When it comes to foreign affairs and matters of national and collective security, Americans are notorious about not paying attention, or not paying attention for long — and then being totally shocked and surprised by subsequent developments.
If network news starts showing starving people in Somalia, we’re all, “Let’s send in the troops and feed those people!” Then, after the Battle of Mogadishu, we’re like, “What! We still have people over there and they’re getting killed? Let’s get out of there!”
The fact that the NSA was collecting and sifting metadata to counter terrorism was known by people who paid attention for years, and uncontroversial. Then Edward Snowden makes a fuss and we’re all like, “What!?!? I didn’t know we were doing that! Let’s stop it!”
And so forth.
Although I used the pronoun “we” above, I like to think of myself as not really one of those Americans. I like to think I follow things less fitfully, and am less surprised at developments.
But today, I feel like one of those people.
Here I had just gotten used to the idea that ISIS, which the organization itself calls Islamic State, and the in-the-know people inside the Beltway call ISIL, was this shocking new animal, a self-financing terrorist army, with capabilities that made those old Mustache Petes in al Qaeda look pathetic, with the power to capture and hold territory and carve out new countries at will. So I felt like I was hip and up-to-date and had a good grasp on things.
But then we started bombing targets in Syria last night — no surprise there, of course, to those of us paying attention — and all of a sudden there’s a shocking new wrinkle. Not only were we hitting ISIL targets, but… well, read this from The Washington Post:
In addition to a broader campaign of airstrikes against Islamic State targets across Syria on Monday night, the United States also pounded a little-known but well-resourced al-Qaeda cell that some American officials fear could pose a direct threat to the United States.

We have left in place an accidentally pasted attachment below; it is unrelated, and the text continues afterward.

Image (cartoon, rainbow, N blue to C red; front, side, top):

The Pentagon said in a statement early Tuesday that the United States conducted eight strikes west of Aleppo against the cell, called the Khorasan Group, targeting its “training camps, an explosives and munitions production facility, a communications building and command and control facilities.”
Army Lt. Gen. William C. Mayville Jr., director of operations for the Joint Chiefs of Staff, later told reporters that the group was in the “final stages of plans to execute major attacks against Western targets and potentially the U.S. homeland.” He added, “We believe the Khorasan Group was nearing the execution phase of an attack either in Europe” or the United States, having attempted to recruit Westerners who can more easily enter the target countries….
The Independent termed Khorasan “a terror group more feared by US officials than Isis.”
And I’m all like, “WHAT!?! We’re just beginning to deal with ISIL, which I’ve come to understand is way worse than al Qaeda, and now you tell me there’s something out there even worse — which I don’t think I had ever even heard of before now? WTF?”
“What am I going to learn about tomorrow? A terrorist army with superpowers, led by General Zod?”
But then I calmed down, and realized that Khorasan is only worse than al Qaeda in that it was planning attacks here at home. Which is certainly one sense of “worse,” from an American perspective. But they don’t seem to be a rampaging terrorist army like ISIL. They’re more old-school. In fact, Muhsin al-Fadhli learned the terror trade at Osama bin Laden’s knee.
Khorasan is a serious new threat, apparently pursuing an unusually sophisticated strategy:
Khorasan hasn’t arrived to overthrow Bashar al-Assad. It’s not interested laying claim to great swaths of land and resources, as is the Islamic State. Rather, American officials told the Associated Press, its members have come from Pakistan, Yemen and Afghanistan to exploit the flood of Western jihadists who now have skin in the fight — and possess very valuable passports. According to the AP, al-Qaeda leader Ayman al-Zawahiri dispatched this deputy to recruit those Western fighters, who have a better chance of escaping scrutiny at airports and could place bombs onto planes.
But so far, they don’t seem to have superpowers. Which is reassuring…